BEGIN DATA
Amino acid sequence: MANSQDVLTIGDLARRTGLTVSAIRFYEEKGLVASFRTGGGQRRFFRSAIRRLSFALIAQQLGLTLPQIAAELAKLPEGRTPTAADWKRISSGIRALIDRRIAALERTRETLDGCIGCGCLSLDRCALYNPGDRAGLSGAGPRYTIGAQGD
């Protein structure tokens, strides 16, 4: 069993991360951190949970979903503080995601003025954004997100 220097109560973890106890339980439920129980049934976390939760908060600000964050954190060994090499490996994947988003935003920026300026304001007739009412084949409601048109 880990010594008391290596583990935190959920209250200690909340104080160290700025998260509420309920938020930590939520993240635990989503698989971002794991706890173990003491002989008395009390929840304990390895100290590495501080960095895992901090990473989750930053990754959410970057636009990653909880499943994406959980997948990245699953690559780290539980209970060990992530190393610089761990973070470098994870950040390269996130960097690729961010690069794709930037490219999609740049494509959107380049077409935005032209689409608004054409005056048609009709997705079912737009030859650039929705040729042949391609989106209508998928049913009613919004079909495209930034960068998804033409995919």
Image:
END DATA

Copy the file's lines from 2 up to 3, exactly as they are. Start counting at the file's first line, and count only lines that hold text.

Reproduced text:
């Protein structure tokens, strides 16, 4: 069993991360951190949970979903503080995601003025954004997100 220097109560973890106890339980439920129980049934976390939760908060600000964050954190060994090499490996994947988003935003920026300026304001007739009412084949409601048109 880990010594008391290596583990935190959920209250200690909340104080160290700025998260509420309920938020930590939520993240635990989503698989971002794991706890173990003491002989008395009390929840304990390895100290590495501080960095895992901090990473989750930053990754959410970057636009990653909880499943994406959980997948990245699953690559780290539980209970060990992530190393610089761990973070470098994870950040390269996130960097690729961010690069794709930037490219999609740049494509959107380049077409935005032209689409608004054409005056048609009709997705079912737009030859650039929705040729042949391609989106209508998928049913009613919004079909495209930034960068998804033409995919």
Image: